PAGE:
Do note that Prime95 is a "power virus" and it is entirely possible to not be "Prime95 stable" yet are able to perform CPU intense tasks such as video encoding and lighter tasks such as games perfectly fine. In my experience, you will want to keep your CPU under 55°C, as that as when errors start to pop up due to thermals. You will also want a closed loop liquid cooler with fans in a push/pull setup, and installed in a way so that fresh air is pulled from outside the case and exhausted into it, as a tower style heatsink is less effective and much louder,

-------------------------
ASUS Sabertooth 990FX/Gen3 R2, FX-8350 w/ Corsair H60, 8 GiB G.SKILL RipjawsX DDR3-2133, XFX HD 7970 Ghz, 512GB Vertex 4, 256GB Vector, 240GB Agility 3, Creative X-Fi Titanium w/ Creative Gigaworks S750, SeaSonic X750, HP ZR2440w, Win 7 Ultimate x64
 01/10/2014 04:04 PM
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charest2394
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I have a good watercooling kit on my CPU for keep it coold!

I have question for the DIGI + Power Control menu in the bios did he have important modification to make in this menu? Or is it possible to keep the default value in this menu?

Thanks for you help!



-------------------------

AMD FX-8350 @ 4.4Ghz
Asus Crosshair V Formula-z
Patriot Viper 16 Go 1600Mhz (9-9-9-24)
Raid 0 SSD + Raid 0 Caviar Black WD6402AAEX Hard Drive
XFX 850W Black Edition
CrossFire Radeon XFX Core Edition R9 290
NZXT Phantom 630
Liteon Blu-Ray



Edited: 01/10/2014 at 04:21 PM by charest2394
 01/10/2014 04:08 PM
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charest2394
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What is the best performance solution for the overcloking of the AMD processor the multiplicator or the bus speed?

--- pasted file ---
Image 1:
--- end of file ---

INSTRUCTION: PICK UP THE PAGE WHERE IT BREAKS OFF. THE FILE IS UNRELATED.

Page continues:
I think the multiplicator it's more easy but your have better performance with the bus speed with each single core?



-------------------------

AMD FX-8350 @ 4.4Ghz
Asus Crosshair V Formula-z
Patriot Viper 16 Go 1600Mhz (9-9-9-24)
Raid 0 SSD + Raid 0 Caviar Black WD6402AAEX Hard Drive
XFX 850W Black Edition
CrossFire Radeon XFX Core Edition R9 290
NZXT Phantom 630
Liteon Blu-Ray

 01/10/2014 04:15 PM
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black_zion
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Multiplier.

-------------------------
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 01/10/2014 05:04 PM
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AMDforMe
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Based on feedback from a lot of FX OC'ers the multiplier is the easiest way and usually as good or sometimes better than messing with the BUS frequency.

By definition overclocking means running PC components beyond their rated operating speed or voltage. As such at any time the CPU or mobo could fail for any number of reasons even when not overheated. There is no "security" on the CPU other than keeping the CPU core temp below the AMD specified 24/7 61C.

I have done extensive testing with the FX-8350 at temps up to 70C and experienced no errors until the mid 60C range so 61C as AMD has specified should be 100% reliable. It's not uncommon to have ~90% stability at lower vcore or CPU-NB voltages and end up needing to raise these or other voltages considerably more to get a 100% P95 stable system. I typically use 24 hours of P95 to confirm my PCs are 100% stable.

In regards to Prime 95, it is a very strenuous testing methodology. Many people think there is a problem with it when their PC won't run stable for more than a few seconds to a few minutes under P95 - especially on FX processors. The problem is NOT P95 at all. The problem is the specific BIOS settings are not correct for your system to run 100% stable. Thus you need to back off on the OC or spend the time necessary to find the optimal settings for your mobo/CPU. This is what serious OC'ing is all about.